In In re Witcher,  No. 11-15883 (11th Cir. December 13, 2012) (click here for opinion), the issue before the Court was…

whether a court may take into account a debtor’s ability to pay his or her debts in determining whether "the totality of the circumstances . . . of the debtor’s financial situation demonstrates abuse" of chapter 7 of the Bankruptcy Code under 11 U.S.C. § 707(b)(3)(B).

The Bankruptcy Administrator moved to dismiss or convert the joint Debtors’ Chapter 7 case on the grounds that the filing constituted an abuse of the Chapter 7 process, even though the Debtors "passed" the Means Test of 11 U.S.C.  §707(b)(2).  The primary grounds for the Administrator’s Motion was the following:

The primary factor that the court relied upon to support its conclusion was its finding that the [Debtors] had kept certain luxury items—including a camper, a boat, a trailer, and a tractor—and had continued making payments on these items to their secured creditors. It determined that “the Debtors’ ability to pay, as well as their reluctance to change their lifestyle in order to provide a distribution to creditors, together indicate that granting relief in this chapter 7 case would be an abuse.” Because “a meaningful distribution to unsecured creditors could be made by simply surrendering those items that are being kept for merely recreational purposes,” reasoned the court, the [Debtors'] decision to keep paying for these “unnecessary, luxury items” showed that they were not prepared to earnestly engage in the “give and take process” of bankruptcy.

 

The Bankruptcy Court dismissed the case and the Debtors appealed, arguing that ability to pay should not be a consideration under 11 U.S.C. § 707(b)(3)(B).  The District Court affirmed, and Debtors appealed to the Eleventh Circuit Court of Appeals.  The Eleventh Circuit affirmed.

The present case concerns §§ 707(b)(2) and 707(b)(3). Under § 707(b)(2), “the court shall presume abuse” of chapter 7 if the debtor runs afoul of the so-called “means test.” The means test takes into account a great many factors, including the debtor’s payment of secured debts as calculated by a statutory formula. See 11 U.S.C. § 707(b)(2)(A)(iii). If a presumption of abuse arises under the means test and is not rebutted, the court may dismiss or convert the chapter 7 case. See 11 U.S.C. §§ 707(b)(1), 707(b)(2).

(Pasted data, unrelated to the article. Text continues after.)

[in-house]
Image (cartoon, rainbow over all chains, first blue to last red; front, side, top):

Subsection 707(b)(3) comes into play when the presumption of abuse under 707(b)(2) does not arise or is rebutted. Under § 707(b)(3), the court shall consider “whether the debtor filed the petition in bad faith,” § 707(b)(3)(A), or whether “the totality of the circumstances (including whether the debtor seeks to reject a personal services contract and the financial need for such rejection as sought by the debtor) of the debtor’s financial situation demonstrates abuse,” § 707(b)(3)(B).

The Court specifically found that "totality of circumstances" of §707(b)(3)(B) was "surely intended" to ability to pay.  

… although the [Debtors] are correct that allowing each bankruptcy court to devise its own subjective means test under § 707(b)(3) would defeat the purpose of the congressionally enacted means test in § 707(b)(2), the same logic does not dictate that any factors that are considered under § 707(b)(2) are by implication precluded from consideration under § 707(b)(3). If Congress had intended such preclusion, it could have easily said so. Congress could have, for example, drafted § 707(b)(3)(B) to read that “the court shall consider . . . the totality of the circumstances . . . of the debtor’s financial situation—except for the circumstances that the court has already considered under § 707(b)(2).” But that is not what Congress enacted; the italicized language is not actually in the statute, and we decline to add it by judicial interpretation.

 The Court also found support for its position in the pre-BAPCPA version of the relevant statutes and case law.

The phrase “totality of the circumstances” was not in the pre-BAPCPA statute, but it was the pre-BAPCPA standard used by many courts across the country in determining whether there had been a substantial abuse of chapter 7. These courts uniformly took the ability to pay into account in examining the totality of the circumstances… Congress was doubtless aware when it codified the totality-of-the-circumstances standard that the relevant pre-BAPCPA jurisprudence took into consideration a debtor’s ability to pay his or her debts…The absence of an explicit preclusion regarding the ability to pay under § 707(b)(3)(B) in the face of Congress’s awareness of judicial inclusion of the same factor under prior law indicates that Congress did not intend to preclude such consideration.

 Having concluded that ability to pay could be considered under the "totality of circumstances" test, the Court emphasized what it was not holding.

Before concluding, we wish to emphasize the limited nature of our holding. We do not decide whether a debtor’s ability to pay his or her debts can alone be dispositive under the totality-of-the-circumstances test. Nor do we decide how much weight a bankruptcy court may properly give to the debtor’s ability to pay as compared with other factors making up the totality of the circumstances. The questions of whether the ability to pay may be dispositive and, if not, what weight it should be given as compared to other factors, were debated in the pre-BAPCPA caselaw … and they continue to be debated post-BAPCPA… 

 

Scott Riddle’s practice focuses on bankruptcy and litigation. Scott has represented Chapter 7 and 11 debtors, creditors, creditor committees, trustees, court-appointed receivers and other interested parties in bankruptcy cases and bankruptcy litigation.  For more information, click here